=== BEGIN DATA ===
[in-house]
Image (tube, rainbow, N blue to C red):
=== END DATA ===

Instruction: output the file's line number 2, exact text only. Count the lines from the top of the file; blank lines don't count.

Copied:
Image (tube, rainbow, N blue to C red):